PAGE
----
Bird | Andrea Arnold brings to Cannes her cinema of the soul

Posted on 19 May, 2024

“I had an image in my head of a very tall, naked man with a long penis, standing on a roof. I didn’t know who he was, if he was good or bad, if he was an alien or something. Why is he there? Why is he naked? I started from here, and Bird is the result of that image.” This was Andrea Arnold‘s first idea for the movie competing for the Palme d’Or at the 77th Cannes Film Festival, as she explained to the press on the first day of screening.

The British filmmaker has already been to Cannes several times, with Red Road (2006), Fish Tank (2009) and American Honey (2016), and is also known to the public for products such as Milk (1998) and the second season of Big Little Lies. With Bird, she reconfirms herself as the bearer of themes that concern everyday life, with an almost visceral focus on the character’s bodies and an immersive style based on sensations.

Arnold’s creative process for Bird

As Arnold explains, making a movie is a journey, an adventure. She may know where to start, from the roof of a building and a naked stranger, but she has no idea where she’ll end up.

The same thing, as peculiar as it might seem, applies to the casting of actors. Barry Keoghan and Franz Rogowski‘s choice for the roles of the protagonist’s father and mentor, respectively, came “from the gut.”

“I collect people, like shells on the beach, to create something beautiful, organic,” the director says.

Writing and directing a film has no precise rules. It takes technique, of course, but what ultimately counts for much of a project’s success is the emotion—the creative process, the vision of the artist who puts something of themselves into each of their creations.

This is precisely what was mainly discussed in the press conference for the film Bird, held in Cannes. Alongside Arnold was the cinematographer Robbie Ryan (who is in Cannes also for LanthimosKind of Kindness), the casting director Lucy Pardee and part of the cast: Keoghan and Rogowski. Young Nykiya Adams and Jason Buda sat in the front row among journalists.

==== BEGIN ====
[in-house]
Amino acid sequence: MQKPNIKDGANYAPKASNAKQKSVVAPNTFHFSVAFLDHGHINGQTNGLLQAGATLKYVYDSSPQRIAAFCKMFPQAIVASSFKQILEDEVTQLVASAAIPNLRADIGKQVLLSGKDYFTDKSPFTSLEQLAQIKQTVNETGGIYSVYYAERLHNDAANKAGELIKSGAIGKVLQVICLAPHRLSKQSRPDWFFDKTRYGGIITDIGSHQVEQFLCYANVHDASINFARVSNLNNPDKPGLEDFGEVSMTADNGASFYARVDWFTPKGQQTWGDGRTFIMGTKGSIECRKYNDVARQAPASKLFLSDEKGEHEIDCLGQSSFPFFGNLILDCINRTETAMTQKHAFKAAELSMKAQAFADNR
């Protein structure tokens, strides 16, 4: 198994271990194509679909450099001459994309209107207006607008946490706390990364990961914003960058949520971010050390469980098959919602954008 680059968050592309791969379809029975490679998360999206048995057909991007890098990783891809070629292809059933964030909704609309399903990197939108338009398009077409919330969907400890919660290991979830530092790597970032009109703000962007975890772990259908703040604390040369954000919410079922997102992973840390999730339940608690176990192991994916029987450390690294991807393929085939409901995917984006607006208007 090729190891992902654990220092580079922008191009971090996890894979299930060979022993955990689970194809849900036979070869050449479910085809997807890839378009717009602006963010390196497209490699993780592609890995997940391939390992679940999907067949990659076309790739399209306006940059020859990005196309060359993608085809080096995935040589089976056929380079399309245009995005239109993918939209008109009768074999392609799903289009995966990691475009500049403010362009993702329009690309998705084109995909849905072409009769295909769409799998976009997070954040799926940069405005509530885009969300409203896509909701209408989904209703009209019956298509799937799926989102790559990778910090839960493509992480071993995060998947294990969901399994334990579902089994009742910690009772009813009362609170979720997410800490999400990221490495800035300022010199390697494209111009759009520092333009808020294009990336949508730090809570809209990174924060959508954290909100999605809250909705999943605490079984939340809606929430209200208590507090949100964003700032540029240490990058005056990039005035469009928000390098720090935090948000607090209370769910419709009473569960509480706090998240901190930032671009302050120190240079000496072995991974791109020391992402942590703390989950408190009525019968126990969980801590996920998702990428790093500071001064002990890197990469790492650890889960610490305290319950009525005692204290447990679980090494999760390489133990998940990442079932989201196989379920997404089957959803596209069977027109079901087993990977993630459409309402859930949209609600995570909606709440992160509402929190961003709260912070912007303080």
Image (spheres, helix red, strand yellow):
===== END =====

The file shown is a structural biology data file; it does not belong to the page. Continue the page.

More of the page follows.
An inspiration from the past

Bird is the story of Bailey (Adams), a twelve-year-old girl who lives with her father, Bug (Keoghan), and her stepbrother Hunter (Buda) in a dilapidated apartment on the outskirts of an English town. She is at the beginning of puberty and adolescence, with all the changes in body and character that entail for the spirit. She is restless and always angry as she meets Bird (Rogowski), a strange man in a skirt looking for his parents.

Even Keoghan and Rogowski explained they didn’t know where Arnold was going with her film, but it wasn’t a problem for them.

Keoghan, fresh from successful movie such as The Banshees of Inisherin (2022) or Saltburn (2023), which are increasingly elevating him into the Olympus of the great new actors of his generation, admitted to having received countless proposals in recent times. Yet, when he had the chance to sign a contract for Bird, he didn’t hesitate, having long cultivated the desire to work for and with the director but without ever having had the chance to do so, until now. As Above The Line had announced some time ago, the actor also said no to the sequel to Ridley Scott‘s Gladiator for Bird.

Keoghan’s choice later proved to be the right one, as the actor himself not only delivered an adorable and passionate performance, but, having grown up himself in the suburbs of Summerhill (Ireland), he drew on his childhood to develop some nuances of his character.

Music is the food of the soul

Franz Rogowski, at the time of signing the contract, perhaps knew even less about his character.

During the press conference he was asked what he thought about the fact that, as a German, it was surprising that he had not been cast as an antagonist, Rogowski replied that he never knew, at the beginning, whether his character would be a villain or an angel. All he had to work with was a playlist of music Arnold had given him. He studied each song, worked on the sensations they conveyed to him – and still uses it as background for his yoga sessions- and the resulting imagery was that of “a floating man, naked in the nature. And I found it very attractive.”

Music is precisely the cornerstone of Andrea Arnold’s creative process. She listens to it to maintain the right mood, to let herself be carried away – again, it’s the feeling that counts. The same playlist given to Rogowski was the one she used to write. No one is spared from it, not even on set. In the breaks between one scene and another, Arnold’s music floats through the air via her portable speaker. “Music – says the director – serves not only as inspiration but as a unifier, especially on set, where certain situations can become particularly stressful.”

Lovingly Related Records